It's time to exhale: The Europe crisis has ended! Not actually, but it almost looked that way this morning. Relieved investors flooded the markets, sending the Dow Jones Industrial Average (INDEX: ^DJI) and the S&P 500 (INDEX: ^GSPC) sharply higher. EU leaders debated until 4:30 a.m. in Brussels, when they paved the way for a bailout of Spanish and Italian banks after agreeing to relax requirements on Spanish banks.
The decision completely jolted the markets, pleasantly surprising investors and analysts who'd expected the summit to deadlock. But while the markets reacted to short-term news, the European crisis lingers and volatility will remain the modus operandi. That confirms the strategy here at the Fool of finding value investments and holding on to them for the long run. Surprise decisions may dictate the markets' short-term future, but great companies are likely to triumph on their own merit in the long run.
The rest of the economy took a cue from Europe, with every Dow component positive. Bank of America delivered up 3%-plus gains, making it one of the biggest winners. JPMorgan (NYS: JPM) even managed a small gain despite its original $2 billion loss potentially transforming into two or three times that. From a long-term standpoint, though, the two banks are still easily two of the Dow's top stocks going forward.
From a numbers standpoint, no industry in the Dow beat tech. Hewlett-Packard (NYS: HPQ) soared almost 3% due to its large European exposure, while shares of peers Cisco, Microsoft, and Intel also rose. Hewlett-Packard holds the Western Europe lead in market share at over 20%.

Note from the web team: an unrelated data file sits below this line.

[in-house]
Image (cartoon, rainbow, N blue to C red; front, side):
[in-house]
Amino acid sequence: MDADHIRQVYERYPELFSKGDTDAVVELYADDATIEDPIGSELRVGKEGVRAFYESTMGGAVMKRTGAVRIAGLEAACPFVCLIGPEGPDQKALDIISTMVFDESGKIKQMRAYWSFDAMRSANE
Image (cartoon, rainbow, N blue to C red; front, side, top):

Boeing (NYS: BA) actually jumped on some non-Europe-related news. Investors seem excited about the initiatives the company announced this morning, sending shares up 3%. Its 787 Dreamliner will fly for the first time at the Farnborough International Airshow, where Boeing also plans to present some of its new, cutting-edge technologies and services. Senior Vice President Tom Downey clearly shares investor enthusiasm, excited about "the opportunities the [air] show provides to meet with customers, partners and other stakeholders."
That's the current roundup. As the market twists and turns on a daily basis, it becomes more and more important to track all of your favorite companies. Make sure to add these companies to your free My Watchlist feature to get up-to-date analysis whenever news breaks. To get started, click on any company below:
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The article Dow, S&P Surge After European Union Consensus originally appeared on Fool.com.
Will Chavey owns no shares of the stocks mentioned above. The Motley Fool owns shares of Bank of America, Microsoft, JPMorgan Chase, and Cisco Systems. Motley Fool newsletter services have recommended buying shares of Microsoft. Motley Fool newsletter services have recommended creating a bull call spread position in Microsoft. The Motley Fool has a disclosure policy. We Fools may not all hold the same opinions, but we all believe that considering a diverse range of insights makes us better investors. Try any of our Foolish newsletter services free for 30 days.
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